Friday, February 11, 2011

Thoughts on the events in Egypt

طلعنا على الضو ، طلعنا على الريح

The craziness in Egypt has been fascinating. This morning while I was working from home attempting to juggle the baby and frantic emails from work, I got an email from Isaac telling me to check the headlines because Mubarak left Cairo.

I clicked on the ccn.com headline three times and the link kept failing, until finally the page reloaded with brand new news... Mubarak had resigned and Tahrir Square was going nuts with excitement. The video of the translator dubbed over Mubarak's announcement started normally until the actual line announcing the resignation happened, at which point the translator paused, realized the huge news he was about to translate, and suddenly the tone of his voice rose to high excitement.

We're watching history happen.

DTN News: EGYPT CRISIS IS OVER Mubarak Stepped Down

I don't know what to think. It's amazing on one hand. It was a (mostly) nonviolent movement of the people that effectively turned over the government. They continued to press their point until the power of their collective voice took down a dictator. That... is so amazing.

On the other hand... where are they now? This is such a huge question. When I commented on the situation on facebook I received a number of super happy responses, and I don't think we're quite at the point of celebration. This could be great... but it could also be even worse than before. There's a rise in Muslim extremism all around the world, and the Muslim brotherhood is a huge voice in the chaos right now. Extreme viewpoints often find the chance to take hold when there is great social instability (see also - the Taliban in Afghanistan). I really worry about that potential. Even if they run a democratic vote, there is a huge chance that an awful person could be democratically elected (see also Hamas in Palestine)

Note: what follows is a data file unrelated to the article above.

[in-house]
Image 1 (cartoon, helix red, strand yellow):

Even if that doesn't happen, all Egypt currently has is a military-run country in a state of martial law. Is this a great setting for the rise of democracy? Indonesia pressured their first dictator/President out of office after 40 years of rule in the midst of protests, with the military finally exerting enough influence that one of their own stepped in and took over. Similar story to Egypt. 40 years later Suharto was pressured out of office in nearly the same way, and though the entire 80 years of the country's history was "democratic", they had never really had freedom of the press or a truly healthy government. Just because you turn over the government and elect someone new doesn't mean you've done away with your problems. Corruption tends to be endemic in society, not merely put in place by the current government.

Where does this leave Egypt? I'd say it leaves them with nearly a blank slate. It could be filled with awful or great things. It may mostly depend on the leaders that step in and exert their influence at this time of great change.

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